"hey ! Can't the past ever go away ? Perhaps it doesn't have to stay Perhaps there is a better way Than to its tempting lure fall prey Indeed life is quite a journey Hardships, burdens, and come what may Why carry those of yesterday ?…"
Rap in its current state is a bustling art-form, with many fledging artists clawing for the audience’s ears and eyes. The South African-born, Northern California resident Eyezon lives up to his name, with music that commands attention.
“I think a lot of times, being ‘underground’ is just an excuse for wackness. Nas, Jay-Z were underground at one point,” believes Eyezon, who cites Tupac Shakur as his greatest influence, but not the source for his stage-name. “That underground was different, and that’s the one we want to be considered in.” The artist, who was given his name by Vision Walker in of Bob Marley’s famed band while playing a 420 show at the legendary black box in Oakland, Ca. is releasing his debut full length A People Like Us this July – and it’s of that timeless underground paradigm.
Like Foreign Exchange’s acclaimed Connected, the album, which was produced entirely by Charlotte, North Carolina-based produced Sean Lane, was initiated through online communities OkayPlayer.com and Soundclick.com. From a chance meeting, the bi-coastal duo shared a love of music, and decided to digitally craft an album through file-sharing.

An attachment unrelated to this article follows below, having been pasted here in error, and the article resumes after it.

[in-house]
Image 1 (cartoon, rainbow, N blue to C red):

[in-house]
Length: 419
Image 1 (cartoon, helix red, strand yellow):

The time-staking process shows the fruits of its effort. A People Like Us is as musically soulful as it is lyrically thoughtful. A poet first, Eyezon uses contemporary images to carry age-old struggle in his rhymes. Take for instance “Beauty of Things.” Of the storytelling effort, its writer shares, “One of my cousins went to a private Christian school, very white. I think her striving to be like the skinny white girls, her eating disorders developed from that, and a lot of people don’t really like their black heritage. It was me watching her.” Songs like this drive the album. To Eyezon, this is part of his own heritage. “My mother was exiled from South Africa when I was a little child. I didn’t get to meet my mother till years on. I think that forever lives in my music. That struggle I draw from.” Hailing from a culture that so far as banned rap music for its political connection to the nation’s oppressed, this MC chooses his words wisely, and delivers them with a sense of urgency and conviction.
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